Tuesday, September 16, 2014
It is an undeniable fact that Pope Benedict XVI, in his motu proprio Summorum Pontificum cura, restored something that was extremely needed in the life of the Church. Pope Benedict realized that the use of the traditional books would bring much good and healing, and he felt encouraged that “young persons too have discovered this liturgical form, felt its attraction, and found in it a form of encounter with the Mystery of the Most Holy Eucharist.”
This led him to encourage the leaders in the Church to “generously open [their] hearts and make room for everything that the faith itself allows.” This call to have a generous heart was heard at the Church of the Holy Innocents in midtown Manhattan (NYC) by Fr. Thomas Kallumady 6 years ago when he opened the doors of the parish entrusted to him to a small traditional community, which has now grown tremendously in a very short time and in a very inspiring way.
Holy Innocents has become known as the only church in the entire Archdiocese of New York to have the daily celebration of the traditional Mass, as well as being the only parish to have solemn Vespers every Sunday of the year (in addition to being known for having a Shrine for the Unborn). The result of this generous openness has been an inspiring revival of the parochial life of this church. Attendance and collections have increased, lay participation and donations have been generous and committed, and popular pious devotions have become more common, all of which has brought about a very active, vibrant community of faith.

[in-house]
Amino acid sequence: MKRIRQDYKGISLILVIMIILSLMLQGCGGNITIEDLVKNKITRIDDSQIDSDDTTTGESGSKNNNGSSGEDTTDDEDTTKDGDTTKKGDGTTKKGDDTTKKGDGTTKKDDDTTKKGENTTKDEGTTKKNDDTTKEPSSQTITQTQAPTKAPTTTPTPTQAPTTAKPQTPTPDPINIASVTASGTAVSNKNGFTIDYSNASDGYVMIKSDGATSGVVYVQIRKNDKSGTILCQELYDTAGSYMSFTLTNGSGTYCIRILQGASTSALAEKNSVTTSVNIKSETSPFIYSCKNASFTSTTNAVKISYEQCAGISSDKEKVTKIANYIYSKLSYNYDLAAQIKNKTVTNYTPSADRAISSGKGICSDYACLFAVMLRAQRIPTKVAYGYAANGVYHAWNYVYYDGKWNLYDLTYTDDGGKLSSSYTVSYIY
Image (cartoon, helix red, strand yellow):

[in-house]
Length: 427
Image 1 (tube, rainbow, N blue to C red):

Generosity and dedication such as the one seen at this parish church, which answered the call of Pope Benedict with complete trust and faith in God, tends not to go unrecognized. In gratitude and tribute to Pope Benedict and Fr. Thomas Kallumady, Mr. Donald Reynolds and Mrs. Nancy Reynolds have overseen the sculpturing and casting of a medal to honor Pope Emeritus Benedict XVI and Fr. Thomas Kallumady, previous Pastor of the Church of the Holy Innocents.
The medals (and a letter) were sent to Pope Emeritus Benedict XVI for giving back the traditional Mass to the entire Church, to Father Thomas Kallumady for allowing the traditional community, and to his Eminence Timothy Cardinal Dolan as moderator of the Church’s liturgical life in the Archdiocese of New York.
The sculptor and medalist was Mr. Andrew Pitynski, and the medal was cast by Mr. Johnson Atelier on August 4, 2014 (Feast of St. John Marie Vianney).
Two medals are being placed in important medal collections for research and study by medal scholars, art historians, and interested parties: The National Sculpture Society and the Token and Medal Society.
“What earlier generations held as sacred, remains sacred and great for us too, and it cannot be all of a sudden entirely forbidden or even considered harmful. It behooves all of us to preserve the riches which have developed in the Church’s faith and prayer, and to give them their proper place.”